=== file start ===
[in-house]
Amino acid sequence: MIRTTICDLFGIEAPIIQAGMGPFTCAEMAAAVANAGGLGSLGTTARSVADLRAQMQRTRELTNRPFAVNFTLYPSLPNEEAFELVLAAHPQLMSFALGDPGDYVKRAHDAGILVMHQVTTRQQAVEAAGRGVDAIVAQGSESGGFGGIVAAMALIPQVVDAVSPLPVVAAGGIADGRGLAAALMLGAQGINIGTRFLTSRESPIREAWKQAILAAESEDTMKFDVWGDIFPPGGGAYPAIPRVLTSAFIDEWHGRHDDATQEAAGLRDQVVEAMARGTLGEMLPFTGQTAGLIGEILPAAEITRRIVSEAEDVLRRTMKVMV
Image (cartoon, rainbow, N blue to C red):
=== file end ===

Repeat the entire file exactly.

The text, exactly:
[in-house]
Amino acid sequence: MIRTTICDLFGIEAPIIQAGMGPFTCAEMAAAVANAGGLGSLGTTARSVADLRAQMQRTRELTNRPFAVNFTLYPSLPNEEAFELVLAAHPQLMSFALGDPGDYVKRAHDAGILVMHQVTTRQQAVEAAGRGVDAIVAQGSESGGFGGIVAAMALIPQVVDAVSPLPVVAAGGIADGRGLAAALMLGAQGINIGTRFLTSRESPIREAWKQAILAAESEDTMKFDVWGDIFPPGGGAYPAIPRVLTSAFIDEWHGRHDDATQEAAGLRDQVVEAMARGTLGEMLPFTGQTAGLIGEILPAAEITRRIVSEAEDVLRRTMKVMV
Image (cartoon, rainbow, N blue to C red):